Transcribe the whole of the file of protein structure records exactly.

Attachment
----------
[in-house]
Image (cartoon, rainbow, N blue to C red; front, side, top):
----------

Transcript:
[in-house]
Image (cartoon, rainbow, N blue to C red; front, side, top):